Expats in Costa Rica Frequently Jailed For Fear of Fleeing Country

Prison

“Prisión preventiva” (preventive detention) or “Remand” in English,  is the process of keeping a person who has been arrested in custody, during pretrial, differing fundamentally from post-adjudicatory detention, or imprisonment.

Preventive detention can mean imprisonment for some time without a criminal charge. It means that if the government feels that a person being at liberty can be a threat to the law and order, it can detain or arrest that person to prevent him from doing this possible harm.

In Costa Rica, the 1998 Criminal Proceedings Code allows for a normal “preventive” imprisonment of 12 months if the person is considered a “flight risk”, but if the case is declared “complex”, it can be increased to up to three years and a half of imprisonment without conviction, or even more in some cases.

According to the Adaptación Social, on average 17 people are remanded each day, spending their time usually in the San Sebastián (San Sebas) jail a few blocks south of downtown San José.

In the period of January and March 2013, Adaptación Social reports that, 42% of the remanded were released in the first 15 days, 31% leaving the detention centre between 16 days and two months, while 27% remained behind bars between 61 days and 10 months.
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The cost to maintain people in preventive detention is very expensive, figures showing that it costs US$45 a day to maintain an inmate. A two month stay equals to US$2.700 per each person.

The panorama in Costa Rica prison system is as such as of May 23, 2013: in the country’s prisons there are 13.466 detainees, of which 3.259 (24.2%) had no firm conviction or to say are in pretrial detention. Of that 282 are women.

The use of preventive detention by the courts has resulted in prison overcrowding. Currently, there prison system has capacity for only 2.371 persons in pretrial detention, so there is an overpopulation of 37.5%.

The jails with serious overcrowding are in San Carlos and Pérez Zeledón, where overcrowding is 119% and 123%, respectively. In San José’s San Sebastian, a detention centre specifically designed for pretrial detention, there are 273 prisoners over capacity.

By the numbers, one in four being held in preventive detention is for crimes against property, 30% for illegal drugs, 14% for crimes against life, 8% for sex offences, 4% for assaulting or killing women and the remaining 4% for a variety of offences.

Persons held in preventive detention can continually appeal their detention, petitioning the courts for release on bail, for instance, or even dropping of the charges.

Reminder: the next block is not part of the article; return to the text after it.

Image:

In some cases, like that of lawyer Arcelio Hernández, who spent nearly 11 months awaiting trial, make appeals to the Interamerican Commission on Human Rights. Many, however, do not have the financial resources to make such appeals and can end up spending years behind bars while their case makes its way slowly through the judicial system.

Whatever you call it, preventive detention is something of interest to foreign expats in Costa Rica who frequently are jailed for fear they will flee the country despite the years the may have spent in Costa Rica, setting roots like having a family and a business.

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In such cases, foreigners held in preventive detention confront conditions that are abusive, degrading and dangerous.

Some argue that Costa Rica does not observe the presumption of innocence as required by the Constitution when it puts suspects in prison indiscriminately.

Some prominent names that have spent time in preventive detention include two former presidents, Miguel Ángel Rodríguez Echeverría (1998 to 2002) and Rafael Angel Calderón Fournier (1990 to 1994).

On 27 April 2011 Miguel Ángel Rodríguez Echeverría, accused him of having accepted a kickback from the French telecommunications firm Alcatel, which had been awarded a large government contract for cellular phone bandwidth during Rodríguez’s tenure as president, was sentenced to 5 years in prison of his role in the ICE-Alcatel scandal. In 2012 the sentence was revoked amid accusation of prosecutor misconduct and partisan bias

Rafael Ángel Calderón Fournier, accused of receiving money from the Finish firm Instrumentarium in exchange of contracts for the firm with the Caja Costarricense del Seguro Social (CCSS), was held in preventive in October 2004. He was later released from jail and was placed under house arrest.

On 5 October 2009 Calderón was sentenced to five years in prison. He walked out of the court room and notified the press that he would appeal the sentence and that he was not running for president in order to focus on his appeal. On 11 May 2011 Calderon Fournier’s appeal was rejected by the tribunal (the so-called Sala III). The judges confirmed the previous sentence. However, they reduced the term to serve in prison from five to three years. According to the Costa Rican law, he can be expected not to serve this time in prison.


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